Student Assistance Program
The Downers Grove North Student Assistance Program supports the development of student leadership, coordinates school-based prevention activities and events, and provides education and intervention services in the area of substance use and social-emotional health. The goals of the Student Assistance Program are to help prevent alcohol, tobacco, or other drug use and to promote healthy choices that support positive student development and encourage academic success.
The Student Assistance Program sponsors a number of events and activities throughout the school year to engage and educate students about healthy lifestyles:
- Every October, we observe “Red Ribbon Week,” a national awareness campaign about alcohol, tobacco and other drug prevention. Every other year, we invite professional speakers to speak to our students and help reinforce our message about making positive lifestyle choices.
- Every January, we focus on educating all students during “Drug and Alcohol Facts Week.” One tool we used this year in our buildings and around the community is our D99 Drug and Alcohol Facts poster.
- Twice a year, all students are invited to an offsite retreat called “Operation Snowball.” Speakers focus on leadership, communication and drug-free lifestyles. This provides a foundation of information and skills for our students to make responsible decisions.
- We hold a variety of leadership programs throughout the school year, developing strong student leaders who in turn serve as positive peer role models. We also include information in Positively North lessons throughout the school year.
- We also provide therapeutic support and intervention for students impacted by substance use and provide community counseling and treatment referrals.
Guiding Our Work
Research shows that having data from our own population is essential in order to meaningfully address the health and well-being of students. As a result and in an effort to find solutions, District 99 voluntarily administers the Illinois Youth Survey (IYS) in the spring of every even year.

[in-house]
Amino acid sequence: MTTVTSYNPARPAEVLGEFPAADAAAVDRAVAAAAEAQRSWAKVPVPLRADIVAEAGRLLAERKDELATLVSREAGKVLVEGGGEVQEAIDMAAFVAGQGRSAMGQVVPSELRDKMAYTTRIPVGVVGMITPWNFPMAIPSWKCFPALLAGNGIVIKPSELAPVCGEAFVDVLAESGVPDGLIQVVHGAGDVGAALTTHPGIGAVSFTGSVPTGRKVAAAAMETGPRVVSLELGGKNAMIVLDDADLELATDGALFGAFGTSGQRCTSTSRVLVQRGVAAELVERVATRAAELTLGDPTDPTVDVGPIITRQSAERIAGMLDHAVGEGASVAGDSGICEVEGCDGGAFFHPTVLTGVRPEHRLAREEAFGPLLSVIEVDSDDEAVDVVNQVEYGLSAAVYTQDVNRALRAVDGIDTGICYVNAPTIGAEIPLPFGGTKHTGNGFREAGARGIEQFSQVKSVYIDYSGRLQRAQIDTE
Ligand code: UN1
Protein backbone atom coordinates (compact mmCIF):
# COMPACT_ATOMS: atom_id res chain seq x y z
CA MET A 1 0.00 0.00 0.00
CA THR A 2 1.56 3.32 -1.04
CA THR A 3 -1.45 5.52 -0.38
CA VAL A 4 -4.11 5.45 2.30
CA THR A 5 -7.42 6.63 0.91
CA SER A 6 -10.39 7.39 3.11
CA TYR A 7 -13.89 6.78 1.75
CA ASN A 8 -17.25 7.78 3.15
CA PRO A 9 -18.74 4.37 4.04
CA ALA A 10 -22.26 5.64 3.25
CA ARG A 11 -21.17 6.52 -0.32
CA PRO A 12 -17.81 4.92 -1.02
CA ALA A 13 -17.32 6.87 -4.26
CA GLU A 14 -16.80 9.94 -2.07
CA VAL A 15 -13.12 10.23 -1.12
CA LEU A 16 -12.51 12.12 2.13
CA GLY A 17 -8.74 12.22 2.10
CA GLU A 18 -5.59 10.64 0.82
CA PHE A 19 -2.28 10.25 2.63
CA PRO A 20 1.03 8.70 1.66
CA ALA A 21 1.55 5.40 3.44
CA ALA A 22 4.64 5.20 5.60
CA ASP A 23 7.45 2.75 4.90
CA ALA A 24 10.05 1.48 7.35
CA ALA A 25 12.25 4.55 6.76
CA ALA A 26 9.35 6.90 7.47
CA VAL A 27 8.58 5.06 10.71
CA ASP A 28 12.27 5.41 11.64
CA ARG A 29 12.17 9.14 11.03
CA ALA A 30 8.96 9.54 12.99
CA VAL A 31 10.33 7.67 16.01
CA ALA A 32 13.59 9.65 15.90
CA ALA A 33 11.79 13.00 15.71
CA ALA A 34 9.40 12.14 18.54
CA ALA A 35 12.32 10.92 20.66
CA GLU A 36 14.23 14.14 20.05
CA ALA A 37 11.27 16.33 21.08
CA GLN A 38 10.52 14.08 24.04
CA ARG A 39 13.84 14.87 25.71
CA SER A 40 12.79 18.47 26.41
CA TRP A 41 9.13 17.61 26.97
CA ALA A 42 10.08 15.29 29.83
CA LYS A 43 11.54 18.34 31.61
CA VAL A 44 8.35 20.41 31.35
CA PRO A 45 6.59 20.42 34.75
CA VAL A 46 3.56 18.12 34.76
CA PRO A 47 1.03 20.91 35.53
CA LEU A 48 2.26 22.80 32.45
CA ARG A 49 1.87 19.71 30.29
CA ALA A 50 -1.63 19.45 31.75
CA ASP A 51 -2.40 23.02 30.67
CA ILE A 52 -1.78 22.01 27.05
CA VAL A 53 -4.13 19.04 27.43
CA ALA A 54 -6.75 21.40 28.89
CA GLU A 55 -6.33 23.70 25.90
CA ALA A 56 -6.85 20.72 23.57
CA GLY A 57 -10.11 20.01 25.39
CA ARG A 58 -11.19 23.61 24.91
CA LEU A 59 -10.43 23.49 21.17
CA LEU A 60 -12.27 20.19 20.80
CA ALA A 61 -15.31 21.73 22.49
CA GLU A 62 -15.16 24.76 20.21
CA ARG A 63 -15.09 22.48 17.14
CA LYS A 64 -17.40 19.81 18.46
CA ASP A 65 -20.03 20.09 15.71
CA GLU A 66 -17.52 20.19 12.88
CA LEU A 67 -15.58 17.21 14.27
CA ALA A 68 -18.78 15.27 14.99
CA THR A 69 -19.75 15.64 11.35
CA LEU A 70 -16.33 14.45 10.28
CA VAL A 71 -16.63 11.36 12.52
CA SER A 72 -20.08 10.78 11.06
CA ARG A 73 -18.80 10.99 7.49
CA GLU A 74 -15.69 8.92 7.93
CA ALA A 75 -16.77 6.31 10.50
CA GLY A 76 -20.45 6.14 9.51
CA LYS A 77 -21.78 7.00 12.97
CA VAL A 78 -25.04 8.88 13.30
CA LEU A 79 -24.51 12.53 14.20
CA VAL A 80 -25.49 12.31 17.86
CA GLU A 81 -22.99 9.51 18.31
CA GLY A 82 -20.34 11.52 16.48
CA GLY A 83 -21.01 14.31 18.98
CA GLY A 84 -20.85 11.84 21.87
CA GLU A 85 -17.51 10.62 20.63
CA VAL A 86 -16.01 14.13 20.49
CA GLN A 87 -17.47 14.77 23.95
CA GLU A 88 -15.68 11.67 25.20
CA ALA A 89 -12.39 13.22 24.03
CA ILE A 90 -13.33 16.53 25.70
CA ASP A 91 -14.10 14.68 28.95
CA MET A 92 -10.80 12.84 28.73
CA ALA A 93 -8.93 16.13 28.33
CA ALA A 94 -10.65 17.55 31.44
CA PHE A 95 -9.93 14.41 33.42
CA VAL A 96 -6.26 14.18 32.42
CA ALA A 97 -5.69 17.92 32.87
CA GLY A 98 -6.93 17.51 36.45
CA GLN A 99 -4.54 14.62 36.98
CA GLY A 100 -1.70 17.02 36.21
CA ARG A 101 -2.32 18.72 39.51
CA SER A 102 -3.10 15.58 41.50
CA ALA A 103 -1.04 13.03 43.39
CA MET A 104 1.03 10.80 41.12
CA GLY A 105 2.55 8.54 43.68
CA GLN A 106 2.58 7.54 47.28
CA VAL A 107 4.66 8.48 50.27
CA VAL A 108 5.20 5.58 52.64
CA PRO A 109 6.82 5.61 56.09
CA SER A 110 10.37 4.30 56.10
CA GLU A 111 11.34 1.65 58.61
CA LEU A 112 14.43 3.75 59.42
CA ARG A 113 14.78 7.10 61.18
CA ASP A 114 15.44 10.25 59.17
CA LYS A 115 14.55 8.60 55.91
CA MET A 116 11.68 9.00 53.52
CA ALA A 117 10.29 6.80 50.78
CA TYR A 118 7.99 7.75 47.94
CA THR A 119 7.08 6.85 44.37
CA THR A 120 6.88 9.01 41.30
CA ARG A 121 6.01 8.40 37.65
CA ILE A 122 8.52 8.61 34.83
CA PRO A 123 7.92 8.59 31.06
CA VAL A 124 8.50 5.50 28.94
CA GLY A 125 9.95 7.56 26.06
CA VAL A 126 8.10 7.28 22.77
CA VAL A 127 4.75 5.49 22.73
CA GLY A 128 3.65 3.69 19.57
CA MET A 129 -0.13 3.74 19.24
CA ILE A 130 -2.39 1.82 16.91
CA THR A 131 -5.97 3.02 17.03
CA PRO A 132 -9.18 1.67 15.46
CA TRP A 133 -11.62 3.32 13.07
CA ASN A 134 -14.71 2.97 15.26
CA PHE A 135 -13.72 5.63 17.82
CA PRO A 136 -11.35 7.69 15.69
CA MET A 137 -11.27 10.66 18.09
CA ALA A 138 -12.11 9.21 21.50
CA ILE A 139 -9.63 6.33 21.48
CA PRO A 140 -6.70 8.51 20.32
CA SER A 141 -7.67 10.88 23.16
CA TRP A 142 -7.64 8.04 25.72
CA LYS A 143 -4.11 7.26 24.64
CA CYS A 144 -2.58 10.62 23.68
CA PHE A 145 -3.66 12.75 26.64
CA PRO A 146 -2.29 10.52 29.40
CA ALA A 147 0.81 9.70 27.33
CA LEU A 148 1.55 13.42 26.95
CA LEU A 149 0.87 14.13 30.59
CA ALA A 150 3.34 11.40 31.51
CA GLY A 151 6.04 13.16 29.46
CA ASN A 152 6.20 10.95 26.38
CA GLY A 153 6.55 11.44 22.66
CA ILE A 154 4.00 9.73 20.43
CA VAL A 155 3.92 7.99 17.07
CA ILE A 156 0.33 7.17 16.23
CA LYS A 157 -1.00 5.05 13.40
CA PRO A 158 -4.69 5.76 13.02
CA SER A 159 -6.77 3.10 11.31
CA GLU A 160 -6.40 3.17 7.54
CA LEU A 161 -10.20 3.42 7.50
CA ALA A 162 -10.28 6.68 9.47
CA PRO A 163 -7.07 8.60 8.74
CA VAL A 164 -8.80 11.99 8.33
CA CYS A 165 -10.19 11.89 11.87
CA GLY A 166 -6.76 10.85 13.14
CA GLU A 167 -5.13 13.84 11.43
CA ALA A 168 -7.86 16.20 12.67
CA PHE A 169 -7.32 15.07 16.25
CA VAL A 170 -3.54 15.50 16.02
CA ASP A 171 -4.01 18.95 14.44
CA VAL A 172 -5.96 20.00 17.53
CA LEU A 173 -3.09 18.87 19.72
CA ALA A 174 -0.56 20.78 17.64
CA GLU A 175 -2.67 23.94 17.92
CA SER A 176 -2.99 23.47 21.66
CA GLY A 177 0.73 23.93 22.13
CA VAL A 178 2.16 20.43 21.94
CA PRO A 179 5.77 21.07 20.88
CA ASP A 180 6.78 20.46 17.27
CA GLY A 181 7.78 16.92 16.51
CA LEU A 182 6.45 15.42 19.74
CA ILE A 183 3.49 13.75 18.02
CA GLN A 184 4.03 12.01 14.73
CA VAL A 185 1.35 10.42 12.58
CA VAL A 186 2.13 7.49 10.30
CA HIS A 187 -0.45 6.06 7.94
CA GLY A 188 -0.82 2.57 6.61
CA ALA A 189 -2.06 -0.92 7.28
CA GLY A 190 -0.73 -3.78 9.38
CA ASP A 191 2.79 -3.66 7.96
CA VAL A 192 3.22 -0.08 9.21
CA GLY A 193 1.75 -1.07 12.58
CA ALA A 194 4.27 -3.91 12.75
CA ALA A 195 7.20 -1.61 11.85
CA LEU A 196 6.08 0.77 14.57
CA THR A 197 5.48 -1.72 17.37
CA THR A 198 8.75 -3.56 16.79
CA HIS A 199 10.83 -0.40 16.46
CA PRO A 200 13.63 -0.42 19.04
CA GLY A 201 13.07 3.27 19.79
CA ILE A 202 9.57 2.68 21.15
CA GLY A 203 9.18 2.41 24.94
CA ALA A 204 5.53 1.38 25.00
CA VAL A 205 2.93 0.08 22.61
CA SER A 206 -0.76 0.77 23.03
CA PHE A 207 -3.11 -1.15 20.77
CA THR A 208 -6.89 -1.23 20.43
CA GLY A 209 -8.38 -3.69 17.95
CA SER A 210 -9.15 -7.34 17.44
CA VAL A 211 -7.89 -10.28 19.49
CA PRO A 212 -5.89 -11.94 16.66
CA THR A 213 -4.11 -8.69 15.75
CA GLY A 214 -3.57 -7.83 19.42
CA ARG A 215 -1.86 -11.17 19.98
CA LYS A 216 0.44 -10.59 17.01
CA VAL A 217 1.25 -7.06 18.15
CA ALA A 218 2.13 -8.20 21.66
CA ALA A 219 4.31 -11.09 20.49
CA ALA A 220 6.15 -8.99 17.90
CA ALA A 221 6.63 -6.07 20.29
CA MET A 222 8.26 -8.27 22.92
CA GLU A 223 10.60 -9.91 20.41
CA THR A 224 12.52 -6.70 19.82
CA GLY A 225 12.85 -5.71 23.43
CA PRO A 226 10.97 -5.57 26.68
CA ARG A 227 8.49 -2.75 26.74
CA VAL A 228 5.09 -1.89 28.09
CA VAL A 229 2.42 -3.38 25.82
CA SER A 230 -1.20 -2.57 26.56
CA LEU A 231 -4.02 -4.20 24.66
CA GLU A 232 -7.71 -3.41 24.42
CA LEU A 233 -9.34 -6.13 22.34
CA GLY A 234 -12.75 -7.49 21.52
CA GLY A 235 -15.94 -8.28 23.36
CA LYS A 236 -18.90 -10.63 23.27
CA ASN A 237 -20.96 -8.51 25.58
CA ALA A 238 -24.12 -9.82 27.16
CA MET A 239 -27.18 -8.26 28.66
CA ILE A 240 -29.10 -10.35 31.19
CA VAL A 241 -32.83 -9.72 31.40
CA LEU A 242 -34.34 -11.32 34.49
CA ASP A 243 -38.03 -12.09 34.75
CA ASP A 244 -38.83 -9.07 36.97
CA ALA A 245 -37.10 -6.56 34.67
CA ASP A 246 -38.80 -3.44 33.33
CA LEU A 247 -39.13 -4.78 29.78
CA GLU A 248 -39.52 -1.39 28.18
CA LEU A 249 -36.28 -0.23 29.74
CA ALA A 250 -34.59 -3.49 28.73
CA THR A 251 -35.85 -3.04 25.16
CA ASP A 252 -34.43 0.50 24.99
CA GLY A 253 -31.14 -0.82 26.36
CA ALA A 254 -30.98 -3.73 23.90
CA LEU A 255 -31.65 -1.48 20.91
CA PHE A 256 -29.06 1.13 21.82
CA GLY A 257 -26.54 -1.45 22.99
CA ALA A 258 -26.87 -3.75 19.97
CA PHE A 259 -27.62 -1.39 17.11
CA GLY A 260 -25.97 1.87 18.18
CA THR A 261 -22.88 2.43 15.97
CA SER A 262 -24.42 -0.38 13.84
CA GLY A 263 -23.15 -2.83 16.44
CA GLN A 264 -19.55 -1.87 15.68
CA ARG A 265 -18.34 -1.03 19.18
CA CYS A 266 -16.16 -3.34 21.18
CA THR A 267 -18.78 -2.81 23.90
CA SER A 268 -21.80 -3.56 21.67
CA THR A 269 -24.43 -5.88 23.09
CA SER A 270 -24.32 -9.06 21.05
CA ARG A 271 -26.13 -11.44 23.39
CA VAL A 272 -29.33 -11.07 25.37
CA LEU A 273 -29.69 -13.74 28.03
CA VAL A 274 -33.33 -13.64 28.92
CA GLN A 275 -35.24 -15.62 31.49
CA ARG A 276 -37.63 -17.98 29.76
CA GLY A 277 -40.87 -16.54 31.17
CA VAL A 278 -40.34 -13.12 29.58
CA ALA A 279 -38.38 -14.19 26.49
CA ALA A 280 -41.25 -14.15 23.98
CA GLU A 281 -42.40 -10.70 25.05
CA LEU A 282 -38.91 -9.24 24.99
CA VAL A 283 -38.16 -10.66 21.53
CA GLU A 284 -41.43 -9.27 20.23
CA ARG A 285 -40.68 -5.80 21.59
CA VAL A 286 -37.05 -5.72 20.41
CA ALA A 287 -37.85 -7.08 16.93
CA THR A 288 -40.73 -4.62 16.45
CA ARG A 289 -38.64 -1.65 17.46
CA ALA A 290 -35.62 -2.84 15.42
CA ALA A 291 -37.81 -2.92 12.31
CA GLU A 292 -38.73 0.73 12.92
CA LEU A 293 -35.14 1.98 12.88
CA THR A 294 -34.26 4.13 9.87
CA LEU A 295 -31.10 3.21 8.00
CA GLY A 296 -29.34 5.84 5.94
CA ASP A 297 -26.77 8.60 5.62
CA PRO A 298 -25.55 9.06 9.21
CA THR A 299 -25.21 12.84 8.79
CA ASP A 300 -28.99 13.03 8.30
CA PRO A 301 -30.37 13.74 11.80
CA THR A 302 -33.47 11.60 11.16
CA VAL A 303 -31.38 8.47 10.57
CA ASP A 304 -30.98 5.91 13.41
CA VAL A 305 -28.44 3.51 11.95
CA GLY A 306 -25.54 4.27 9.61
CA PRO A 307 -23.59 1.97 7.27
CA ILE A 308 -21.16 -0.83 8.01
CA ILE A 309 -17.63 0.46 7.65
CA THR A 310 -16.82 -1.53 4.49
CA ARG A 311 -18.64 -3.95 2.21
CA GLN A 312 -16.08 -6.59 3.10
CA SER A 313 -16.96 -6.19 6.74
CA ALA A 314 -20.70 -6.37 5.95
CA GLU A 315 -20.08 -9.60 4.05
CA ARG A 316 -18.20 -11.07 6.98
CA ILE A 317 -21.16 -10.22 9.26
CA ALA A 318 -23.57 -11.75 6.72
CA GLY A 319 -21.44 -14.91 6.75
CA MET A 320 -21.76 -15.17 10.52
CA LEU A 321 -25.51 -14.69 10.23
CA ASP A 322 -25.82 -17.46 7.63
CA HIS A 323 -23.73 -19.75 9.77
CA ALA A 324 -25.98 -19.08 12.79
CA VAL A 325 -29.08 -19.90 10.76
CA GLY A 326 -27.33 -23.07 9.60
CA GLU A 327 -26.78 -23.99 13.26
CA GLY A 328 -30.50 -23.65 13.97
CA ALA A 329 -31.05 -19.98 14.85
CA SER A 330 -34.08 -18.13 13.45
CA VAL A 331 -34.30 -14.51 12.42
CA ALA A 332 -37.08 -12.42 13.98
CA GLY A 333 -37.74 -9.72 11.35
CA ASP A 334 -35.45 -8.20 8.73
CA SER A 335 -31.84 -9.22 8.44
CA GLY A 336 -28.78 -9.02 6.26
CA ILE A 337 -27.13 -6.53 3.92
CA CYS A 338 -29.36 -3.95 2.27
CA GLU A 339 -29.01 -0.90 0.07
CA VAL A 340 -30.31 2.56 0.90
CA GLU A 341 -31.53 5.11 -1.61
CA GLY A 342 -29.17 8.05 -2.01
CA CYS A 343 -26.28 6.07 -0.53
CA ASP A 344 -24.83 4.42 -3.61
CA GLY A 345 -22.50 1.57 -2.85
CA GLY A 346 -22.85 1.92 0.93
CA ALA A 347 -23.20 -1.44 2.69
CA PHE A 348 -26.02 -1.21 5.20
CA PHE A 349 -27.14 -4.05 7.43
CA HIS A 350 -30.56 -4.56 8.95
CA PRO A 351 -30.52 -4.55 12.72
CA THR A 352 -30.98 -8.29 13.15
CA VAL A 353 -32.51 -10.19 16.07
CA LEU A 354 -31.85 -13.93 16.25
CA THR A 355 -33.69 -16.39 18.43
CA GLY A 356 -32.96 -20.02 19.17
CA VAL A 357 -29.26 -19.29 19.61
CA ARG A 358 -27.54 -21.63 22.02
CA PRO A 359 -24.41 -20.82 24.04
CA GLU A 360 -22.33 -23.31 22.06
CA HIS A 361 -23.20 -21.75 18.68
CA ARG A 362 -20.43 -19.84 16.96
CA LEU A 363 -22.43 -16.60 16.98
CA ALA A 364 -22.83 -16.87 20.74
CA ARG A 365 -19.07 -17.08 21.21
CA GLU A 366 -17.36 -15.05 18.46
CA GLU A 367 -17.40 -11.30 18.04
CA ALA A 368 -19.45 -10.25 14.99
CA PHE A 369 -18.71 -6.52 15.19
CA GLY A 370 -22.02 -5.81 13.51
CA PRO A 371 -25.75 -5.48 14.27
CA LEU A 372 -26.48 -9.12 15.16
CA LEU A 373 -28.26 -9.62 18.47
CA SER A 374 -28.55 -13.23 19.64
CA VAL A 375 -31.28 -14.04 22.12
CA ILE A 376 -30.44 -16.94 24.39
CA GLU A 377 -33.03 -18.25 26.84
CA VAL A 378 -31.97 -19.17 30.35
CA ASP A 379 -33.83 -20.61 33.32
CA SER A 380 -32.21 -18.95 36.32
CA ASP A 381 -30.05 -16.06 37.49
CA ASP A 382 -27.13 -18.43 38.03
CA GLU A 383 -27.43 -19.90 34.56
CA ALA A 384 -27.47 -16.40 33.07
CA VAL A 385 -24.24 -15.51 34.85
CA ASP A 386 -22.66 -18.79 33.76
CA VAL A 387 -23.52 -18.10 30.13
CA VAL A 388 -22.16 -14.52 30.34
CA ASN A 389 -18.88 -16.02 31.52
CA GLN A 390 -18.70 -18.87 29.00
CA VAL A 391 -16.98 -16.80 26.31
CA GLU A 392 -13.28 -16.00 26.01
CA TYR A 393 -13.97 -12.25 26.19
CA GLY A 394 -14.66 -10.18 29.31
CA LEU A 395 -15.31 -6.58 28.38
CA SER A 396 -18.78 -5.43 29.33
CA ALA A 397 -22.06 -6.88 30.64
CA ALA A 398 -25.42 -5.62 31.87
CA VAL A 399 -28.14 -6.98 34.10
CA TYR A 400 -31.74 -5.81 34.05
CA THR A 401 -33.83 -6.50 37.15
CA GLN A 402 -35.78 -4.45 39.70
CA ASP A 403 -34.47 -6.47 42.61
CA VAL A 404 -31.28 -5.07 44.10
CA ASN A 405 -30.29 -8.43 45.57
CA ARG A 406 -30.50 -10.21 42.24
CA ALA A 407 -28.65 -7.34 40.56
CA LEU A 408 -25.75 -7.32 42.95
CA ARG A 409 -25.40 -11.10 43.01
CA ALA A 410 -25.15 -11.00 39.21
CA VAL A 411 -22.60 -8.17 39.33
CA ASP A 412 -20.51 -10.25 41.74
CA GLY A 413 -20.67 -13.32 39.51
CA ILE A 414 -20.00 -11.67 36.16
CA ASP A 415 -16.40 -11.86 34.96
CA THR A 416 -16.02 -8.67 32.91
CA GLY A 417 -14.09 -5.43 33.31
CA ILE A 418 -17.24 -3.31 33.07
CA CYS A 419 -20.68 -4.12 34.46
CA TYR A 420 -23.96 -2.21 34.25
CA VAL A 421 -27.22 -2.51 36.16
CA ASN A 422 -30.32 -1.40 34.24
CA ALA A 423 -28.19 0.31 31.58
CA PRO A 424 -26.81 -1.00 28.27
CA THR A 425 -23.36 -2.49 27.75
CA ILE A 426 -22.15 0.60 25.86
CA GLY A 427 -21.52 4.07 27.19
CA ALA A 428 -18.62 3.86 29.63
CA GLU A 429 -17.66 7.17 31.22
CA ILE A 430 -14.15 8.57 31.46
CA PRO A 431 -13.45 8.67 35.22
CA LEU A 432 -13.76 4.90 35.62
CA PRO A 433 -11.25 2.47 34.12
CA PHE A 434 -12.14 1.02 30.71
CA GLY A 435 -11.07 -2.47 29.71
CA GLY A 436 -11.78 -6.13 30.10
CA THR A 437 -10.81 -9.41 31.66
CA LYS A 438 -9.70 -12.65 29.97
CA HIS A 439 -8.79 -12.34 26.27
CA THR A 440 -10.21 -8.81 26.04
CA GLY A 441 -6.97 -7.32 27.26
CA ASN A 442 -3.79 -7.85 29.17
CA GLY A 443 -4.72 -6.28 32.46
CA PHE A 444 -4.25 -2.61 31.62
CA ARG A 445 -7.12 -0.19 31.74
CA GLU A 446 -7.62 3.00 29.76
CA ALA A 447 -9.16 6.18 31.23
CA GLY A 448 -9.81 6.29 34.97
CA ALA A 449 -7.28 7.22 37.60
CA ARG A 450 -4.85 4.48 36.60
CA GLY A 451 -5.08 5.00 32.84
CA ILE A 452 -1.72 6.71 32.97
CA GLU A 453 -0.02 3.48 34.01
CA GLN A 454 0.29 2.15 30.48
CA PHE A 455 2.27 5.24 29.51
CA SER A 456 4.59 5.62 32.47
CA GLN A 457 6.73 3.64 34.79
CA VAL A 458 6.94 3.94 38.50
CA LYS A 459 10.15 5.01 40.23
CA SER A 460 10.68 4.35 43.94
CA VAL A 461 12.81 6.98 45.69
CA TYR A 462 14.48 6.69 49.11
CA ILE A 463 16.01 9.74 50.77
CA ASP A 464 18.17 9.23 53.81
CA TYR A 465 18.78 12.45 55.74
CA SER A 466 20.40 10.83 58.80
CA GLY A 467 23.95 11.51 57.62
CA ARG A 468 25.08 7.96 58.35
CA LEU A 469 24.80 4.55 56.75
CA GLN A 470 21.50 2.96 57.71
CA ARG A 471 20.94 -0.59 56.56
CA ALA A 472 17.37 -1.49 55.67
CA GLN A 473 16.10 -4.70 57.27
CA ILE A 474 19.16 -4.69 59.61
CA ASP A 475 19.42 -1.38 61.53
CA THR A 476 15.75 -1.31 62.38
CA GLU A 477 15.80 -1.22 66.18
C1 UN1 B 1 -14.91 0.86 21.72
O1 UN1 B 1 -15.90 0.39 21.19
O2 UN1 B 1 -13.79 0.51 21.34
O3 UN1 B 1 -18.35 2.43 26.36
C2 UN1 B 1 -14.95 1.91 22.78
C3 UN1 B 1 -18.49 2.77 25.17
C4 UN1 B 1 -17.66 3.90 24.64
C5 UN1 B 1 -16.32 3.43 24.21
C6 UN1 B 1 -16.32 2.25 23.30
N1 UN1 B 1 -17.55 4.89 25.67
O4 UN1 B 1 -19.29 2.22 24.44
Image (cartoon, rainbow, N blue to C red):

The IYS is designed and processed by the Center for Prevention Research and Development at the University of Illinois and funded at no cost to schools by the State of Illinois. The IYS gathers meaningful information about a variety of health and social indicators, including substance use patterns and attitudes.
By participating in the IYS, we receive information about student needs, challenges, behaviors, and strengths. It also allows us to monitor changes in behavior over time, and gives us information from which to base our program strategies. We’ve also been able to connect to State grant-funded partnerships by participating in the IYS.
Our longitudinal data indicates that:
- Most D99 students do not regularly use tobacco, drink alcohol or use illegal substances.
- Most of D99 students’ primary activities with friends are non-substance related.
- Over the past several years we have seen statistical delines in alcohol and marijuana use.
- D99 student use of alcohol and other substance is similar to national, state and county trends.
- D99 student use of illicit drugs overall is low, and extremely low for substances like cocaine, meth, heroin and other opioids.
The IYS results support our continued use of a “social norms” marketing campaign, which emphasizes that “most teens” in District 99 do not abuse alcohol or drugs--challenging the inaccurate assumptions that “everyone is doing it.” We continue to promote our efforts via this campaign, and to reach out to students and families through print communication, email, and social media.
Focus for the Future
Empowering Families - Studies show that when parents share their expectations about substance abuse, teens listen. We encourage parents to continue a dialogue with their teens about the risks of substance use and the values that are important to your family. For information on a variety of substance-related topics and how to start a conversation with your student, consider these prevention tips at drugfree.org
Alcohol - Alcohol is one of the most commonly abused drugs among young people. We want to prepare and protect our kids from the dangers of binge drinking now and in the future as young adults. Research shows the best way to accomplish that is to help them abstain from drinking in high school. Hosting parties at home in the name of safe teen drinking has the opposite effect as it increases the risk of college-age binge drinking.
Vaping - Across the country and in schools across our area, we’ve seen an increase in the use of teen vaping and e-cigarette products. We continue to find ways to educate our students and families on the dangers, long-term risks, and unknowns of these type of nicotine products.
Marijuana - With changing perceptions about marijuana as well as changes to the law regarding adult use, it’s never been more important to educate our students that using marijuana during adolescence comes with risks and negative consequences.